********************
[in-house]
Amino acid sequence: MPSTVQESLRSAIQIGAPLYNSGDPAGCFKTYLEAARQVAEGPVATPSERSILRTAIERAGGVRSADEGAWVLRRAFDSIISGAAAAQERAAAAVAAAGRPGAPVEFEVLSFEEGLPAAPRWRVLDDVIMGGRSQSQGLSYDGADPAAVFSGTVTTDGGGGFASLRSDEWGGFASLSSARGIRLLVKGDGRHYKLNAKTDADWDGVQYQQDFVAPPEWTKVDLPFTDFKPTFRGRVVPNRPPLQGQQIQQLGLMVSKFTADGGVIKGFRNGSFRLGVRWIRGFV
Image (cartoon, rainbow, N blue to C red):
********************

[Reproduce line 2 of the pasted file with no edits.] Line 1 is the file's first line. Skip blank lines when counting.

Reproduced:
Amino acid sequence: MPSTVQESLRSAIQIGAPLYNSGDPAGCFKTYLEAARQVAEGPVATPSERSILRTAIERAGGVRSADEGAWVLRRAFDSIISGAAAAQERAAAAVAAAGRPGAPVEFEVLSFEEGLPAAPRWRVLDDVIMGGRSQSQGLSYDGADPAAVFSGTVTTDGGGGFASLRSDEWGGFASLSSARGIRLLVKGDGRHYKLNAKTDADWDGVQYQQDFVAPPEWTKVDLPFTDFKPTFRGRVVPNRPPLQGQQIQQLGLMVSKFTADGGVIKGFRNGSFRLGVRWIRGFV